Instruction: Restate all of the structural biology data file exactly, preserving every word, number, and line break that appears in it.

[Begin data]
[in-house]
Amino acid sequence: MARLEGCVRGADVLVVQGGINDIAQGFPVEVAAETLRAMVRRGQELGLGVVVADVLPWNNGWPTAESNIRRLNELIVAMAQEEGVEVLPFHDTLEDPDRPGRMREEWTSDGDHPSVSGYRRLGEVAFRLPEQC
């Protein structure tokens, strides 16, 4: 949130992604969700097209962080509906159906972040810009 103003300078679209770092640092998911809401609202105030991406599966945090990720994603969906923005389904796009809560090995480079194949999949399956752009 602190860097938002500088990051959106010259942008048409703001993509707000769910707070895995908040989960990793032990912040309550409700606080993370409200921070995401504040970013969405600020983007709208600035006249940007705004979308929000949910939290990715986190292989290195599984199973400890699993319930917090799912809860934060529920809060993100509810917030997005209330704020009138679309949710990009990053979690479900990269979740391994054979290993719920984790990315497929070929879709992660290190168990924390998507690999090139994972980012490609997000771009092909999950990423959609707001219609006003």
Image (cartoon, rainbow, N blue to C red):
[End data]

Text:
[in-house]
Amino acid sequence: MARLEGCVRGADVLVVQGGINDIAQGFPVEVAAETLRAMVRRGQELGLGVVVADVLPWNNGWPTAESNIRRLNELIVAMAQEEGVEVLPFHDTLEDPDRPGRMREEWTSDGDHPSVSGYRRLGEVAFRLPEQC
């Protein structure tokens, strides 16, 4: 949130992604969700097209962080509906159906972040810009 103003300078679209770092640092998911809401609202105030991406599966945090990720994603969906923005389904796009809560090995480079194949999949399956752009 602190860097938002500088990051959106010259942008048409703001993509707000769910707070895995908040989960990793032990912040309550409700606080993370409200921070995401504040970013969405600020983007709208600035006249940007705004979308929000949910939290990715986190292989290195599984199973400890699993319930917090799912809860934060529920809060993100509810917030997005209330704020009138679309949710990009990053979690479900990269979740391994054979290993719920984790990315497929070929879709992660290190168990924390998507690999090139994972980012490609997000771009092909999950990423959609707001219609006003």
Image (cartoon, rainbow, N blue to C red):